Once it’s all placed, pinned, tacked and tried, you are ready to sew. I sewed by hand, because there are some things that are fiddlier by machine than hand, and sewing through only some of the layers is one of those things. It didn’t take very long, to my surprise.

Once you’ve sewn everywhere that was tacked, you can take out the tacking. Finished? No, not quite. You still have a hole on the inside of your pocket, and unless you want to deal with the anguish of trying to extract something from between the original pocket and the new layer, you had better take the final step.

Simply sew an outline of running stitch around each hole, fastening it to the new layer. (But not all layers, unless you want a donut pocket.) As thus:


Well done! You have rescued a garment from the looming shadow of the rubbish dump and restored it to useful life. And that is what I call practical ethics.

Guess Who Snores?

Not me, of course. Not even the Caped Gooseberry, unless he has a cold.

It’s the cat.

I always knew she was a noisy cat. She has a profound purr which seems like a full-body workout, the way it hurls her back and forth on her chassis with the force required to produce that much noise. And she appears to have the remarkable talent of falling asleep while still purring, which allows her to get her beauty sleep while everyone else is kept awake by the jack-hammer impression.

She does eventually fall so far asleep that the purr shuts down, although you have to be careful about stretching your legs in case she decides to restart the warning buzz to remind you she’s there.

But it is once she’s finally asleep that the real noise starts. Thankfully she’s not a habitual snorer, because you can spend a lot of time lying awake wondering what the noise is before you finally home in on the innocent-looking bundle of fur at the end of the bed.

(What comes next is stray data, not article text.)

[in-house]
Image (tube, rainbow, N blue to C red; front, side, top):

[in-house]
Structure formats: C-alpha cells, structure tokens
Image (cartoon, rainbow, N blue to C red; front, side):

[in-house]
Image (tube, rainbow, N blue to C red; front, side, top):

Could it be the wiring, you ask yourself. Is it the next-door neighbour using power-tools in the small hours? Is there a blowfly trapped in my pillowcase?

I at last realized it was the peacefully snoozing cat, and was then kept awake by trying to render an accurate description in the medium of words. It was such a strange unsnory noise. It sounded – and this is the best analogy I could come up with at that time of night – as though she had swallowed a bee whole and it was now taking advantage of her unconsciousness to attempt an escape.

White Cat Sleeping
She doesn’t so much snore, as buzz.

This is still less disturbing than her son, who has a much less vigorous purr, but who has taken to groaning dramatically in his sleep. Like the squeak of a high-pitched door, opening oh-so-slowly, or a tiny teenager being told to clean his room.

He’ll be lying there, totally relaxed, with nothing but a gentle rise and fall to prove he’s actually still in the land of the living, and then suddenly, this eldritch moan. He doesn’t appear to be distressed, or in the grip of a dream (none of those little twitchy paws). He just delivers this drawn-out groan and then carries on sleeping, while everyone stares in his direction.

Sleeping Golden Cat
Not that I can talk, of course. Because I can, and I do, and what with me babbling in my sleep, the cat buzzing and the ‘kitten’ groaning, it’s a miracle the Caped Gooseberry gets any sleep at all.